Bindi D.,German Research Center for Geosciences |
Bindi D.,Italian National Institute of Geophysics and Volcanology |
Mayfield M.,German Research Center for Geosciences |
Parolai S.,German Research Center for Geosciences |
And 5 more authors.
Soil Dynamics and Earthquake Engineering | Year: 2011
A risk scenario for Bishkek, capital of the Kyrgyz Republic, is evaluated by considering a magnitude 7.5 earthquake occurring over the Issyk-Ata fault. The intensity values predicted through the application of an attenuation relationship and a recently compiled vulnerability composition model are used as inputs for seismic risk assessment, carried out using the Cedim Risk Estimation Tool (CREST) code. Although the results of this study show a reduction by as much as a factor of two with respect to the results of earlier studies, the risk scenario evaluated in this paper confirms the large number of expected injuries and fatalities in Bishkek, as well as the severe level of building damage. Furthermore, the intensity map has also been evaluated by performing stochastic simulations. The spectral levels of the ground shaking are converted into intensity values by applying a previously derived conversion technique. The local site effects are empirically estimated considering the spectral ratios between the earthquakes recorded by a temporary network deployed in Bishkek and the recordings at two reference sites. Although the intensities computed via stochastic simulations are lower than those estimated with the attenuation relationship, the simulations showed that site effects, which can contribute to intensity increments as large as 2 units in the north part of the town, are playing an important role in altering the risk estimates for different parts of the town. © 2010 Elsevier Ltd.
Petrakov D.A.,Moscow State University |
Lavrientiev I.I.,Russian Academy of Sciences |
Kovalenko N.V.,Moscow State University |
Usubaliev R.A.,Central Asian Institute for Applied Geosciences
Earth's Cryosphere | Year: 2014
In the paper we present and discuss results of the radio-echo sounding and ice thickness modeling of Sary-Tor Glacier (Ak-Shyirak massif, Inner Tian Shan). Ability for correct assessment of regional glacier volume in Tian Shan is limited due to the small amount of direct ice thickness measurement data. Ca. 17 km of ice thickness measurements tracks were done on 18-20 May, 2013 using monopulse VIRL-6 GPR with central frequency 20 MHz. Maximum measured ice thickness was 159 m, whereas average thickness was 51 m. Detailed ice thickness and bedrock topography maps were compiled for Sary-Tor. Glacier volume was defined as (0,126 ± 0,001) km3. In addition ice volume was calculated using the Glab-Top model calibrated by direct data and volume-area scaling. Both approaches could be used to determine ice volume of Sary-Tor Glacier with high accuracy. The Sary-Tor Glacier area shrinkage rate in 2003-2012 slightly decreased compared to 1977-2003.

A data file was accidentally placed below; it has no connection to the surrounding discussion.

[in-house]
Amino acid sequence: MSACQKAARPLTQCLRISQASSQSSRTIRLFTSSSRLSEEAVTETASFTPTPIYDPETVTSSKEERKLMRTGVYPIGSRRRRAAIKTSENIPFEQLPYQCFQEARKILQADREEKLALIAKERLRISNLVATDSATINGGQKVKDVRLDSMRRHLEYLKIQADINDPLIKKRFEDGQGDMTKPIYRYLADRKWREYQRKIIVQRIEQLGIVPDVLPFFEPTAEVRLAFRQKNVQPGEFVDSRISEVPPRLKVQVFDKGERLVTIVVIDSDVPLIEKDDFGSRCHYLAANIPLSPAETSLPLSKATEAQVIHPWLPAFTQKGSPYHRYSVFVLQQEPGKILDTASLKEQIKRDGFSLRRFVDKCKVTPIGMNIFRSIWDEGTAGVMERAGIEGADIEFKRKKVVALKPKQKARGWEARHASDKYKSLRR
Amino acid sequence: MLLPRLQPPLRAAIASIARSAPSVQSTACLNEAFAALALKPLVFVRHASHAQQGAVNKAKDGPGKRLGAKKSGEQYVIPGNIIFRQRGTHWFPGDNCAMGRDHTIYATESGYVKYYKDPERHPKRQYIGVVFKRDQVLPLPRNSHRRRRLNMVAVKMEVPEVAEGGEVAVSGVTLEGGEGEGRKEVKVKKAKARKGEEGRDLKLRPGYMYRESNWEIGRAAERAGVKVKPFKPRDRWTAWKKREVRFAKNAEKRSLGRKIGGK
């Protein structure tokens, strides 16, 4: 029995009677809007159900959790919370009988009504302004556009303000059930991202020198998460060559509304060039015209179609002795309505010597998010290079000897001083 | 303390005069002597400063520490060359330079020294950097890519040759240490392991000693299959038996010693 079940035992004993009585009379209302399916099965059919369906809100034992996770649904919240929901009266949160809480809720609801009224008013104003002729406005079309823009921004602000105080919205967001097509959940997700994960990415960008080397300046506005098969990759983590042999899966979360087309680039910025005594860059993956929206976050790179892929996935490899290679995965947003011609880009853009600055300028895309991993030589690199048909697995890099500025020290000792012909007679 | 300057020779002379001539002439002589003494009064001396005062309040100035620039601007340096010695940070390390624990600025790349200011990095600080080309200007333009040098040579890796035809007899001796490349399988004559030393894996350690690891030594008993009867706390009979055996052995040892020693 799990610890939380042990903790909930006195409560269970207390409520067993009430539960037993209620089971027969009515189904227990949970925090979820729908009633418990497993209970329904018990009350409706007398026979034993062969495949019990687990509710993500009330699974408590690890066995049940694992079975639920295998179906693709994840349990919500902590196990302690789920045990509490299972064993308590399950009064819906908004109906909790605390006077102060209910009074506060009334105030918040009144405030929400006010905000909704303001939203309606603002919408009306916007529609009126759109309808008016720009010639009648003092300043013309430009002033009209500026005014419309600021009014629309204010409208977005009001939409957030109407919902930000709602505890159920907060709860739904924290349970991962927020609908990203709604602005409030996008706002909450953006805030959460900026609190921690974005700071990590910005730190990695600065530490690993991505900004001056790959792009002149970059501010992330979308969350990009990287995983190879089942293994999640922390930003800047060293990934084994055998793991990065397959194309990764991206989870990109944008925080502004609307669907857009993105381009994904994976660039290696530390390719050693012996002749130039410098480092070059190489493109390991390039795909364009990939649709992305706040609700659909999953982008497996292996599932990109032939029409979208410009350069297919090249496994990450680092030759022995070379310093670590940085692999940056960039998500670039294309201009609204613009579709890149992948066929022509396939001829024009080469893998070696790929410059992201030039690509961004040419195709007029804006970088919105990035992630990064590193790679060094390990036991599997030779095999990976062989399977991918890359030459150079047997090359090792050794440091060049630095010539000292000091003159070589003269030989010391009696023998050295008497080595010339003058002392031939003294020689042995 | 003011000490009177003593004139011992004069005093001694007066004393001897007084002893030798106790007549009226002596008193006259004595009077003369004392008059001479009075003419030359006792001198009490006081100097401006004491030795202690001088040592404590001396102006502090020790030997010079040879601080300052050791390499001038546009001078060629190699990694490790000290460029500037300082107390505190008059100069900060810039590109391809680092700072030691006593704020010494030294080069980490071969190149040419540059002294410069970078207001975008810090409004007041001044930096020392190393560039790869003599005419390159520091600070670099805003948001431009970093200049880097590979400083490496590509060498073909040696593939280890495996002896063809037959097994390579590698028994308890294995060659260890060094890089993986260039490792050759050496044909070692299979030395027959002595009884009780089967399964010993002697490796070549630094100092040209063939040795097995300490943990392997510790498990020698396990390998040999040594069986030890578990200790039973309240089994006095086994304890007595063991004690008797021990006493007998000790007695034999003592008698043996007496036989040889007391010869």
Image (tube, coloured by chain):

Bindi D.,Helmholtz Center Potsdam |
Boxberger T.,Helmholtz Center Potsdam |
Orunbaev S.,Central Asian Institute for Applied Geosciences |
Pilz M.,Helmholtz Center Potsdam |
And 5 more authors.
Annals of Geophysics | Year: 2015
In this work, the development of an on-site early warning system for Bishkek (Kyrgyzstan) is outlined. Several low cost sensors equipped with MEMS accelerometers are installed in eight buildings distributed within the urban area. The different sensing units communicate each other via wireless links and the seismic data are streamed in real-time to the data center using internet. Since each single sensing unit has computing capabilities, software for data processing can be installed to perform decentralized actions. In particular, each sensing unit can perform event detection task and run software for on-site early warning. If a description for the vulnerability of the building is uploaded in the sensing unit, this piece of information can be exploited to introduce the expected probability of damage in the early-warning protocol customized for a specific structure. © 2015 by the Istituto Nazionale di Geofisica e Vulcanologia. All rights reserved.